Interview with Lali Foster, Translators without Borders
We spoke to Lali Foster from Translators without Borders about their part in the Start Network’s European Refugee Response.
How does Translators without Borders work?
“Our translators are all professional translators and they're volunteering their time outside of their paid work to do humanitarian translations.’
“In this crisis translation is fundamental. Sure, people need information translated into a language that they understand, but they also need it translated into the language that they're most comfortable with. It's not enough to just translate everything into Farsi if you've got Afghanis who can kind of understand Farsi but would prefer to read in Pashto or Dari.”
“Our translators take the pressure off the field staff on the ground. For Caritas for example, the work we do for them may seem very minor, it’s just changing a few sentences on their weekly newsletter. But before we worked with them, their staff on the ground were doing that and they’re such a precious resource. To pull that person working in the field inside and say “we need you to do the Arabic update now”, that doesn't make sense.
“The kinds of things we do in this crisis: signage, information, guidelines, audio. If you go to the camps you’ll see how important audio is, posters and lots of medical information, it varies so much, just anything you can imagine that’s written.”
So what about your role at TWB?
“My role is basically to filter the work that comes in. For example, for Mercy Corps, we translated ‘How to use an ATM’ instructions, because they're doing a cash program, which I think is part of this grant. The English document comes to me, then I'll do the back and forth: what languages do you want? How urgent is it? And then it goes to the project managers and they get it out to our Workspace which is our virtual translator space. My other role is a comms role: including coordinating between our partners, and bringing the broader TWB community a bit closer to what's going on on the ground.”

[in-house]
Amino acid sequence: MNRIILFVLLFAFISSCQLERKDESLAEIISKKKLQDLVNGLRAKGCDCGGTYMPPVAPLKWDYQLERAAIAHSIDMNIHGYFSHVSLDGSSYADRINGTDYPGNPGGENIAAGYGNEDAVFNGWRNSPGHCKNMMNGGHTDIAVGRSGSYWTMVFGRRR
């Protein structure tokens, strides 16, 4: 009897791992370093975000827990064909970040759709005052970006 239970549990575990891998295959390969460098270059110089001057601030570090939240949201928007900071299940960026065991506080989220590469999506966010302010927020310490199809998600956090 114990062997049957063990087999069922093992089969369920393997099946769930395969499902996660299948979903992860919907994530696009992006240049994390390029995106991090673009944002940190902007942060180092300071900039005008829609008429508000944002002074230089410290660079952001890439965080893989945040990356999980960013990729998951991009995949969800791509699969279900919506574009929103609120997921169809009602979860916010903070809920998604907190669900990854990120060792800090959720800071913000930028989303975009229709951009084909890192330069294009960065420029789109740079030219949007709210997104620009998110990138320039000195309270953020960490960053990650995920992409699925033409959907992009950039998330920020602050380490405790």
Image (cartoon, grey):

How else have you worked with the agencies in this programme?
“All of these agencies are desperate for interpreters, so they are bringing in anyone who's bilingual. But a big problem with hiring interpreters is that hiring non-EU staff is really difficult here and there aren't that many bilingual people around, Arabic/Greek maybe, but Arabic/Greek/English or Farsi/Arabic/Greek – it’s really tricky.
“So we do training for community interpreters – people working in two or more languages. All of the participants are staff and volunteers – mostly from the agencies within the Start group. The idea is that TWB’s professional translators can build the capacity of people working on the ground as bilingual interpreters. So our training is to bring these bilingual people into an environment where they’re learning about translator’s and interpreters’ code of ethics, confidentiality and privacy and all that sort of thing, but also to develop a standardised glossary. Consistency in translation is really important: if you’ve got fifteen different agencies using different terms for the same thing it can be really confusing for the refugees.
“A major attraction of the training course was getting all of those people in one room together to talk to other interpreters. I'm calling them interpreters but a lot of them were protection officers, and some of them were nurses, it’s anyone using language in their role. But many of them hadn’t met one another because there is no forum for interpreters and translators to get together, which is something we would be really interested in developing.